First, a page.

> Ali Gholami wrote:
>
>> Currently, Kerberos (Heimdal) supports the following options for
>> credentials store:
>>
>> 1. Kerberos  <--------------->  Native buit-in credential database
>> 2. Kerberos  <--------------->  OpenLDAP
>> 3. Kerberos  <--------------->  OpenLDAP <---------------> MySQL (or any
>> supported relational database to achieve high performance)
>
> "High performance" is a joke, right? There is no relational database in the world within an order of magnitude of OpenLDAP's performance.
>
> You mentioned OpenLDAP supporting MySQL NDB Cluster - that was an OpenLDAP backend that talks directly to the NDB data API, there is no SQL layer involved there. Study slide 27 of the NDB presentation very carefully.
>
> http://symas.com/docs/LDAPConNDB2009.pdf
>
> Using the actual *SQL* interface won't get you more than 100s of authentications/second, as opposed to *tens of thousands*/sec on that hardware. Fast forward to today with our LMDB database (which is also natively supported in Heimdal) and the difference is yet another order of magnitude greater.
>
> http://symas.com/docs/2014FOSDEM-WhatsNewInOpenLDAP.pdf (slide #15)

I doubt there are many places where Kerberos provides more than 100’s of authN/sec. Those that do likely have multiple KDCs for other reasons anyway and can load-share. I doubt the performance issues are important per se for very many places as long as ordinary passwords are used.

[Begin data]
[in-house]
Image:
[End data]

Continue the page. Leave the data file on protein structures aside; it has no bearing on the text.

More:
OTOH if you’re doing PKINIT with some PKI system, possibly including smart cards, then the cost of the initial authentication is substantially higher and looking at performance *should* be done.

Just my $0.02.

Personal email.  [hidden email]
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Re: MySQL as credential store in Heimdal

Nico Williams
On Mon, Feb 16, 2015 at 10:49 AM, Henry B (Hank) Hotz, CISSP
<[hidden email]> wrote:
> On Feb 13, 2015, at 2:00 AM, Howard Chu <[hidden email]> wrote:
> I doubt there are many places where Kerberos provides more than 100’s of authN/sec. Those that do likely have multiple KDCs for other reasons anyway and can load-share. I doubt the performance issues are important per se for very many places as long as ordinary passwords are used.

You might be surprised...  Some Java implementations acquire a TGT on
every acceptor credential acquisition (to validate the keytab, natch).
The fix for that is to use the JNI shim, of course.  Still, the point
is that in some environments load is high and amplified.  Still,
modest modern hardware the load is quite manageable.

> OTOH if you’re doing PKINIT with some PKI system, possibly including smart cards, then the cost of the initial authentication is substantially higher and looking at performance *should* be done.

Yeah, but if you're using smartcards the limiting factor is on the
client side.  There's also anon PKINIT for FAST.  But all this
newfangled stuff is still in the noise in most Kerberos environments.

Nico
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Re: MySQL as credential store in Heimdal

Paul Robert Marino
same for the Apache Kerberos authorization module and you don't have
credential caching enabled in the Apache module. its astounding!
In addition I've seen similar behavior from the LDAP Apache module